Patterson wants to sue to keep more refugees out of Oakland County

- Oakland County Executive L. Brooks Patterson says he doesn't want any more Syrian refugees in his county. He says he plans to file a lawsuit to keep them out, although hundreds of refugees have already arrived.

"We have to vet them. What do you know about them? Do they have any criminal records? What about public health? Do they have TB? Do they have any kind of communicable disease?" he says he wants to know.

Patterson says he's exploring exactly how to suspend the practice of allowing refugees in until he's convinced the vetting process is thorough.

"I don't know that I can stop it. I don't know if I have the authority to stop it, but I do have the legal authority to go to federal court and force these federal agencies to do what the law says they do," he says. "You've got to consult with them, and whether you like them or not, they're entitled to know who's coming into their communities."

"We are greatly dismayed by the callous and reckless fear-mongering and anti-refugee sentiments that have recently been expressed in Oakland County," The Jewish Community Relations Council said in a statement.

Martin Manna, President of the Chaldean-American Chamber of Commerce and the Chaldean Community Foundation, is an advocate for refugees but he adds he has a concern that Christians are now in the minority among current refugees are allowed into the U.S.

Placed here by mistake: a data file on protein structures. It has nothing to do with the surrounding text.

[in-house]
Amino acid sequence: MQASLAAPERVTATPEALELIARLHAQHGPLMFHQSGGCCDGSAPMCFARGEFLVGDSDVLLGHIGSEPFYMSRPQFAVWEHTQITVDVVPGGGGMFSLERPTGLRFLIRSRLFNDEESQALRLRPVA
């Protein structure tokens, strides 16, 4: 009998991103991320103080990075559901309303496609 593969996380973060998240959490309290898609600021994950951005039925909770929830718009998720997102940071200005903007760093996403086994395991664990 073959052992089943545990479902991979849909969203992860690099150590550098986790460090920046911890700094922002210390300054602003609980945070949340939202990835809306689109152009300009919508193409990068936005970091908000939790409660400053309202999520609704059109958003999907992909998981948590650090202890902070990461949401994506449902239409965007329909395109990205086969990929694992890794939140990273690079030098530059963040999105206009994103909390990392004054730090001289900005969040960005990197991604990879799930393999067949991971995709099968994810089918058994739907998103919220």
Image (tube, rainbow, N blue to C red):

"Of the 10,500 Syrian refugees who came to the United States, only 55 are Christian. So that's alarming to us. That percentage should be 10 percent or more. And so we think there is some factors in place that are biased against the Christian community, the Chaldean-Assyrian-Syriac community coming from Syria. So, we've raised those concerns with members of Congress and with the administration that there is a bias in place," says Manna. "There isn't a bias against Muslims, as many people might think; the bias really has been against Christians being admitted that are from Syria."

Patterson says he's currently talking with county lawyers to determine a strategy that taps the brakes to slow down the refugee process. 


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